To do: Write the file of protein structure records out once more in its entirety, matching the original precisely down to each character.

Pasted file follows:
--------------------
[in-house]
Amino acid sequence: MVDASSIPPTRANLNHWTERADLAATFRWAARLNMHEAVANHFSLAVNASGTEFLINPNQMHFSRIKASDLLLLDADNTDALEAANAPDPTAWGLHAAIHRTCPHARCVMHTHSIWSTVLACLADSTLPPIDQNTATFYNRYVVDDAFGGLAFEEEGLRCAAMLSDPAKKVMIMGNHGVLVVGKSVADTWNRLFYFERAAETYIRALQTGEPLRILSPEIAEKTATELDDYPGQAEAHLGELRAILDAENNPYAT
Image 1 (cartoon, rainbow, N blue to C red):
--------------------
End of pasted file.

[in-house]
Amino acid sequence: MVDASSIPPTRANLNHWTERADLAATFRWAARLNMHEAVANHFSLAVNASGTEFLINPNQMHFSRIKASDLLLLDADNTDALEAANAPDPTAWGLHAAIHRTCPHARCVMHTHSIWSTVLACLADSTLPPIDQNTATFYNRYVVDDAFGGLAFEEEGLRCAAMLSDPAKKVMIMGNHGVLVVGKSVADTWNRLFYFERAAETYIRALQTGEPLRILSPEIAEKTATELDDYPGQAEAHLGELRAILDAENNPYAT
Image 1 (cartoon, rainbow, N blue to C red):